Despite what happens in the story we know this is the last time we’ll see Carrie Fisher’s General Leia. Media reports from not long after her death state Disney and Lucasfilm won’t use old, repurposed footage of Fisher nor will they digitally recreate her as was done in “Rogue One: A Star Wars Story.” That makes her performance in this film all the more powerful. Fisher is mesmerizing as Leia. Her regal yet down-to-Earth countenance makes Leia a born leader and her leadership is desperately needed if the Rebellion is to survive the events of “Star Wars: The Last Jedi.” Fisher’s ability to be both tough and motherly is what makes her an appealing character as Leia. It makes me wish for the ability to turn back time and take whatever precautions are necessary so she survives the heart attack that took her away too soon. “Star Wars: The Last Jedi” is dedicated to her memory.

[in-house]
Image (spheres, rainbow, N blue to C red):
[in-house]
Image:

I enjoyed all the twists and turns of the film immensely; however, there are a few things that with more time to reflect stand out to me as issues. There are primarily three underdeveloped story threads through both this and “The Force Awakens” that seem to be unimportant to Lucasfilm and Disney. First, who is Supreme Leader Snoke? Where did he come from and who trained him in the ways of the Force? How did he accumulate the resources to establish the First Order? While secondary characters in the “Star Wars” universe have been largely unexplored (i.e. Jabba, the Sand People, Jawas, Boba Fett and others) none has been as major a player as Snoke. He’s responsible for blowing up most of the New Republic and that kind of power and influence attracts attention. Why is so little known about him? Second, what/who are the Knights of Ren? Other than Kylo we know of no other members of this mysterious order. Sith Lords from the original and prequel films aren’t as well regulated a group as the Jedi Knights but they do have some known history and a reason for being so what’s the story with the Knights of Ren? Third, who is Captain Phasma? While her chrome armor makes her stand out from the rest of the Storm Troopers we don’t know anything else about her. Before only a patch that was a different color designated any kind of rank but Phasma looks like she must spend hours keeping her armor shiny. She’s also a woman in an organization whose members had been exclusively male. There must be a reason for this and it must be somewhat interesting so why hasn’t it ever been mentioned? I would prefer to not have to read every extended universe novel and comic book to find out some backstory on these aspects of the story. It doesn’t have to be extensive, just a couple of lines of dialog between characters to flesh out people that are apparently very important to the events in these films.